Let use Irfan View for our examples because for the most part, most graphics-related programs that do conversions make it very easy to convert from format to format. Keep in mind one thing: Since each graphics format has its own, unique, properties, you may "lose something in translation." For example, if your JPG has 600 colors in it and you convert it to a GIF, it's going to lose some colors because as I mentioned a GIF can only have 256 colors. Converting between different types of compression can cause changes as well, but remember that when you're converting, you create a new image so your original should be intact.
So, in Irfan View I load a JPG file - a picture of my granddaughter, Cahlia. I can resize it ... making it smaller. I can "sharpen" it, which smoothes out rough edges. I can alter the colors, change it to grayscale, and lots more. Then, when I'm done enhancing the image, I simply click on File ... Save As .... and I select a different format, like GIF. Viola -- the JPG is a GIF, and there are lots of other formats you can try to experiment with. Many programs offer "batch conversions" so you can select say 1,000 GIF files and convert them to JPG in one operation. Very slick. Ultimately, for those of us who don't make a living with graphics, you're probably good to know about the ones I've listed. GIF, JPG, and PNG. The TIF format is one that is often used for production purposes ... like magazines, promo items like mouse pads or badge holders, and the like. The TIF (or TIFF) file is pretty much the standard for doing professional work with images. It supports several types of compression, supports the most operating systems, and for these reasons, and more, it's often used, and requested, when you're doing special work.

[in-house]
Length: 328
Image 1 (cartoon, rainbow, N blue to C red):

I hope you've enjoyed this discussion about graphics. Again, for most of us a few, basic graphics formats will do the trick. Take a look at the programs I've mentioned and try experimenting. Converting graphics from one format to another is really pretty easy and now hopefully you understand it a little better.
If you have a question on how to do something on the computer you can submit it via email by clicking HERE. You will not receive a reply, but all topics will be considered.
Michael E. Callahan, known around the world by the trademarked name Dr. File Finder, is regarded as the world's leading expert on shareware. Dr. File Finder works with software programs and developers full-time, and in the average year he evaluates 10,000 programs. Since 1982 he has evaluated over 250,000 software and hardware products. Mr. Callahan began evaluating software online in 1982 and no one has been at it longer. He currently works doing online PR and marketing for software companies, and is the Senior Content Producer for Butterscotch.Com.